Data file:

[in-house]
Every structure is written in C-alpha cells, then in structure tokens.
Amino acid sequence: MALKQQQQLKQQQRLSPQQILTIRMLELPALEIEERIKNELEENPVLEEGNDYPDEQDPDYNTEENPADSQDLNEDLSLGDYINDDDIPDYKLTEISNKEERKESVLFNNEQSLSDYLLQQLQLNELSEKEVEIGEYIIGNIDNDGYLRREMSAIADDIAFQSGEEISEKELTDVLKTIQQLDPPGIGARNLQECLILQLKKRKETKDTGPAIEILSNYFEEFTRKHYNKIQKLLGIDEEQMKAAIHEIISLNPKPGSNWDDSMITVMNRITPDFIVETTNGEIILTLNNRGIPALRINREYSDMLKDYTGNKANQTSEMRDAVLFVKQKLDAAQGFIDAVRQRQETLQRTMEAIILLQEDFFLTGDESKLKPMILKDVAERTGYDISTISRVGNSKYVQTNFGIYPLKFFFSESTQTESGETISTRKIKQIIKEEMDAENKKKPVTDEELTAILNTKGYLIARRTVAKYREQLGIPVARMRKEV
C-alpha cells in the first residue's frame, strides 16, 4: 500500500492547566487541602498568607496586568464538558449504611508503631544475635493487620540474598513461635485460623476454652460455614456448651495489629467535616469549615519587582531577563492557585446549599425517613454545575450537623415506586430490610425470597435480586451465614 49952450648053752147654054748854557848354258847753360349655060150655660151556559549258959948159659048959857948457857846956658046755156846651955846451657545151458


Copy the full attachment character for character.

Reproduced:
[in-house]
Every structure is written in C-alpha cells, then in structure tokens.
Amino acid sequence: MALKQQQQLKQQQRLSPQQILTIRMLELPALEIEERIKNELEENPVLEEGNDYPDEQDPDYNTEENPADSQDLNEDLSLGDYINDDDIPDYKLTEISNKEERKESVLFNNEQSLSDYLLQQLQLNELSEKEVEIGEYIIGNIDNDGYLRREMSAIADDIAFQSGEEISEKELTDVLKTIQQLDPPGIGARNLQECLILQLKKRKETKDTGPAIEILSNYFEEFTRKHYNKIQKLLGIDEEQMKAAIHEIISLNPKPGSNWDDSMITVMNRITPDFIVETTNGEIILTLNNRGIPALRINREYSDMLKDYTGNKANQTSEMRDAVLFVKQKLDAAQGFIDAVRQRQETLQRTMEAIILLQEDFFLTGDESKLKPMILKDVAERTGYDISTISRVGNSKYVQTNFGIYPLKFFFSESTQTESGETISTRKIKQIIKEEMDAENKKKPVTDEELTAILNTKGYLIARRTVAKYREQLGIPVARMRKEV
C-alpha cells in the first residue's frame, strides 16, 4: 500500500492547566487541602498568607496586568464538558449504611508503631544475635493487620540474598513461635485460623476454652460455614456448651495489629467535616469549615519587582531577563492557585446549599425517613454545575450537623415506586430490610425470597435480586451465614 49952450648053752147654054748854557848354258847753360349655060150655660151556559549258959948159659048959857948457857846956658046755156846651955846451657545151458